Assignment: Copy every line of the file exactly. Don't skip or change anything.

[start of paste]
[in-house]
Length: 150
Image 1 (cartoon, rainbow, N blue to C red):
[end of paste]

[in-house]
Length: 150
Image 1 (cartoon, rainbow, N blue to C red):